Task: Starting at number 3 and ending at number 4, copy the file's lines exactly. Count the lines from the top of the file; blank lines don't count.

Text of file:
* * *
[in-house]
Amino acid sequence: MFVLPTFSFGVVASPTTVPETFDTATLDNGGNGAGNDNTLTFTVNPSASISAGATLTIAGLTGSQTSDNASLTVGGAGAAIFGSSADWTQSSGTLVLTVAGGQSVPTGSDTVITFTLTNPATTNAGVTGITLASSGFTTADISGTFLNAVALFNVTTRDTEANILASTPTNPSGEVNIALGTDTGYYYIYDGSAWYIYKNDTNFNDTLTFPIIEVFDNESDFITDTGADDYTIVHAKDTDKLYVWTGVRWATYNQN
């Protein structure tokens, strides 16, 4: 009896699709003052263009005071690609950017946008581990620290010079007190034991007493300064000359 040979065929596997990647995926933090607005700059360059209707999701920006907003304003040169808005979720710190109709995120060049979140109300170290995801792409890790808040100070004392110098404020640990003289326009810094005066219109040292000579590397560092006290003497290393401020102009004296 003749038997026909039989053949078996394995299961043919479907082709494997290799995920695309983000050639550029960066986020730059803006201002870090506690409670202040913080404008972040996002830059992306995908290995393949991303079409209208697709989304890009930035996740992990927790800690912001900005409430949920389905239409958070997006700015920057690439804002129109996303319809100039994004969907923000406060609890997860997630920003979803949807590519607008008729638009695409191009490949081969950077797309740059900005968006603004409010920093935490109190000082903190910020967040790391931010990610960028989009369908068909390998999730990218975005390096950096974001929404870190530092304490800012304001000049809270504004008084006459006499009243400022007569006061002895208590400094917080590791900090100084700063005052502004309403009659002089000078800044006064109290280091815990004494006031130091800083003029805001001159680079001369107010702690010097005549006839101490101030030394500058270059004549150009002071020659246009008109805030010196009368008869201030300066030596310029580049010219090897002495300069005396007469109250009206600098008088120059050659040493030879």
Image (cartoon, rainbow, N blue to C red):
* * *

């Protein structure tokens, strides 16, 4: 009896699709003052263009005071690609950017946008581990620290010079007190034991007493300064000359 040979065929596997990647995926933090607005700059360059209707999701920006907003304003040169808005979720710190109709995120060049979140109300170290995801792409890790808040100070004392110098404020640990003289326009810094005066219109040292000579590397560092006290003497290393401020102009004296 003749038997026909039989053949078996394995299961043919479907082709494997290799995920695309983000050639550029960066986020730059803006201002870090506690409670202040913080404008972040996002830059992306995908290995393949991303079409209208697709989304890009930035996740992990927790800690912001900005409430949920389905239409958070997006700015920057690439804002129109996303319809100039994004969907923000406060609890997860997630920003979803949807590519607008008729638009695409191009490949081969950077797309740059900005968006603004409010920093935490109190000082903190910020967040790391931010990610960028989009369908068909390998999730990218975005390096950096974001929404870190530092304490800012304001000049809270504004008084006459006499009243400022007569006061002895208590400094917080590791900090100084700063005052502004309403009659002089000078800044006064109290280091815990004494006031130091800083003029805001001159680079001369107010702690010097005549006839101490101030030394500058270059004549150009002071020659246009008109805030010196009368008869201030300066030596310029580049010219090897002495300069005396007469109250009206600098008088120059050659040493030879």
Image (cartoon, rainbow, N blue to C red):